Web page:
One of life’s constants is that too much of a good thing is almost always a bad thing. For example, eating one donut is a delicious treat, but eating eight donuts could make you sick. Vacation is a time for refreshment and relaxation, but if every day were a vacation, people would be bored. The same holds true for being helpful: giving support in appropriate ways is great, but people may run into trouble when they help too much or too often. There is actually a term for this dynamic—codependency.
Consider Ryan’s story. He is the parent to a 24-year-old son who needs a lot of support. Ryan’s son is capable, but he has had difficulty keeping a job and finishing his education. Ryan pays for his son’s tuition and apartment—he’s the dad, so Ryan sees providing as his job. Ryan has a good plan for his son, if his son would only follow through with it. Ryan has done everything he can to help his son succeed. He’s happy to do it, who else would? Except that Ryan sometimes feels resentful toward his son. With each lost job or each semester that passes, Ryan is angry that his son is not seizing the opportunities he did not have as a young adult.
There is no doubt that Ryan feels deep affection for his son, but Ryan may have a big problem: his help has likely crossed a line from helpful into harmful, both for himself and for his son. Ryan may be struggling with codependency.
The counselors at Thriveworks Philadelphia provide therapy for codependency because many people have found themselves in situations where they are helping in a way that is harming both themselves and their loved one.
Codependents often center their thoughts and actions upon another person, usually choosing a person who struggles with an addiction or irresponsible behavior. Codependent behavior can be exhibited between parents and children, between spouses, between friends. In these relationships, codependents often sacrifice their own well-being to compensate for another person or appease another person.
People who struggle with codependency may appear, at first, to be unbelievably selfless and overly kind. On the inside, codependents are often filled with shame, insecurity, and passivity. They often feel like they need to prove their adequacy by fixing other people.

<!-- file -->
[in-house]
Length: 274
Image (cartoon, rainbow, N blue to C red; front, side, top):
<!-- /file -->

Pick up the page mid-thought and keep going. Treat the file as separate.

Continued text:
Codependent behavior is harmful, but distinguishing it from appropriate forms of help can be difficult. The following behaviors characterize codependency:
- Difficulty setting boundaries: When codependents receive a request, their internal response may be “no,” but their external response is often, “yes.” The request may even harm them financially, emotionally, or physically, but they still grant it.
- Dependency: A basic fear of people who struggle with codependency is rejection. On the other hand, they often experience satisfaction and fulfillment when people need them. As the song says, “I want you to want me. I need you need me.”
- Low self-esteem: Feelings of guilt, shame, and inadequacy often drive codependents. They draw their self-worth from how much they can help or fix others instead of feeling adequate in and of themselves.
- Poor communication skills: Expressing their own feelings, needs, and thoughts is often difficulty for codependent people. They may fear upsetting others if they are honest. They may also struggle to be honest with themselves about what they want and need.
- Tendencies to people-please: Codependents may feel intense anxiety when other people are angry, upset, or disappointment, and they may take responsibility for other people’s feelings and making them happy.
- Caretaking: Codependent people may anticipate other people’s needs and meet them without being asked. They may also feel anger, resentment, or rejection if another person declines help.
- Minimization: Codependent people almost always see themselves as helpful and have a hard time acknowledging the harm they cause. They may blame the person they are attempting to help for any problems instead of accepting responsibility for their behavior.
Treatment for Codependency
Codependency can be a difficult behavior pattern to identify and correct, but many people have learned healthier ways of connecting with their loved ones. Recovery for codependency may involve codependent people…
- Learning to focus solely on their own needs: Codependent people need to learn how to value their own needs and feelings. Then, help can be offered from their personal strength, not from a need to be needed.
- Acknowledging and taking responsibility for the problem: Awareness of the problem is important because codependent often feel helpless. Instead, codependents must see themselves as active contributors.
- Accept themselves for who they are: Self-acceptance can bring much healing. People should feel loved based upon their inherent worth—not on what they do or do not do for others.
- Establishing new behavior patterns: Change means embracing new behaviors. Codependents need to practice saying, “no,” disappointing people, and expressing their thoughts.
Do you struggle with knowing how much help is too much? Do you recognize some codependent behaviors or attitudes in your own life? You are not the only one. Thriveworks Philadelphia offers therapy for codependency because many people sacrifice their own well-being to help others.
If you are ready to make a change, know that we have convenient evening and weekend sessions available. We also work with many forms of insurance. When you call to make an appointment, a person will answer and find a time that works for you. Often, new clients see their counselor within 24-hours. Call today.